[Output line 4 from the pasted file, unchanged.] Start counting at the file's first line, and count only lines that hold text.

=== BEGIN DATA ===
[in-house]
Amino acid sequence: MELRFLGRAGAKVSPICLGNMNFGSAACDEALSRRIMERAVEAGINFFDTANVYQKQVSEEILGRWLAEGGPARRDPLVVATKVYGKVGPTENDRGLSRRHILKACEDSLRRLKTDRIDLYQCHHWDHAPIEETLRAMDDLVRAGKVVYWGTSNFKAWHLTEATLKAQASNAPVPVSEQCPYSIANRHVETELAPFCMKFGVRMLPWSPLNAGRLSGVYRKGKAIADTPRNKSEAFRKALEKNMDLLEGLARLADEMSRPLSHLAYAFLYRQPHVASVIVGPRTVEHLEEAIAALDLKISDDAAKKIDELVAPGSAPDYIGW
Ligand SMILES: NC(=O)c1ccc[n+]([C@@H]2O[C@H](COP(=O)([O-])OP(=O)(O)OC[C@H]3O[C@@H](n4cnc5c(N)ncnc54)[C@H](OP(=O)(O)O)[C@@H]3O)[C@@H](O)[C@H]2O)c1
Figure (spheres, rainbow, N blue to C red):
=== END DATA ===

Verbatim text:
Figure (spheres, rainbow, N blue to C red):